Online security in a work-from-home environment – Part II New technology means new scams to watch for

As incredible as all the new online meeting technology platforms have been for home-based business, including the ability of physicians to hop on a Zoom or FaceTime call with a client to make their virtual sessions as close to in-person as possible, these abilities have also opened doors for cybercriminals to do their version of work from home.

You can follow the advice of the first part of this series perfectly but still be exposed to troublesome online scams if you’re not careful.

Zoom and Teams are two of the latest places to watch for phishing attacks, which have spiked since the start of the pandemic. Zoom is the more likely of the two to be wary of as a physician – although it does offer some secure setups for chatting with patients or groups, attackers continue to improve their methods to exploit those dependent on video conferencing.

Thousands of Zoom-related domains were registered by scammers just from late April to early May last year when the pandemic was in its early days. They use these domain names to send phishing attacks that look like they originate from the official video conferencing services sites – according to Check Point Research.

Users can defend themselves, however, using a few security best practices recommended by the Better Business Bureau (BBB).

“Out of the blue, you receive an email, text, or social media message that includes Zoom’s logo and a message saying something like, ‘Your Zoom account has been suspended. Click here to reactivate.’ or ‘You missed a meeting, click here to see the details and reschedule.’ You might even receive a message welcoming you to the platform and requesting you click on a link to activate your account,” warns the BBB, suggesting you think before you click:

  • Double check the sender’s information. Zoom.com and Zoom.us are the only official domains for Zoom. If an email comes from one that doesn’t quite match the official domain name, it’s probably a scam.
  • Never click links in unsolicited emails. Phishing scams always involve getting an unsuspecting individual to click on a link or file sent in an email that will download dangerous malware onto the computer. If you aren’t sure who it really came from, never click on any links, files or images.
  • Resolve issues directly. If you receive an email stating there is a problem with your account, and you aren’t sure if it is legitimate, contact the company directly. Go to the official website by typing the name in your browser and find contact support to get help.

When the solution may actually be the problem

Antivirus software is a must for your protection. But what happens when the very thing you think is going to keep you safe is actually causing you harm. There is a clever tactic in the form of a very believable pop-up on your computer that suddenly suggests your computer has been infected. This scam just wants you to download its free software – which actually opens the door for a virus, malware or ransomware.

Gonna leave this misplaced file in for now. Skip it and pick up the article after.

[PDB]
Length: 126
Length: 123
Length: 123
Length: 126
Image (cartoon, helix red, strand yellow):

If you don’t have antivirus protection, get the software right away, and only trust information from your program. The flashy, over-the-top alerts that try to goad you into immediate action via download are not the way trusted antivirus programs work. The real ones primarily do their work behind the scenes

Tech support too good to be true

This scam is often done by phone, with tech support impersonators reaching out to people to tell them their computer (or another device) is compromised. They prompt the target to download an application that lets them control the computer remotely. Once given access, the scammers can download real viruses or deceive the user into thinking there is something seriously wrong and that they will have to pay them to fix it. There are much better uses for your hard-earned money, such as reliable online medical transcription services.

Spotting these scams is as simple as the concept of something being too good to be true. Companies like Apple or Microsoft will never call you to advise you of a problem with your computer. If you need support, reach out to them directly. And if you find their information online, double check the source to ensure it isn’t an advertisement paid for by another scammer to draw you in.

To read Part I Ensuring your home space is as secure as your office, click here.

Next up in Part III are some tips for your older patients, who have to be particularly cautious of targeted attacks in pandemic times.

 

2Ascribe Inc. is a medical transcription services agency located in Toronto, Ontario Canada, providing medical transcription services to physicians, clinics, and other healthcare providers across Canada. Our medical transcriptionists take pride in the quality of your transcribed documents. WEBscribe is our client interface portal for document management. 2Ascribe continues to implement and develop technology to assist and improve the transcription process for physicians and other healthcare providers, and recently introduced AUTOfax. AUTOfax works within WEBscribe to automatically send faxes to referring physicians when a document is signed off by the healthcare professional. As a service to our clients and the healthcare industry, 2Ascribe offers articles of interest to physicians and other healthcare professionals, medical transcriptionists, and office staff, as well as of general interest. Additional articles may be found at http://www.2ascribe.com.

 

This entry was posted on in Business, Coping During COVID, General Interest, Virtual Patient Care.

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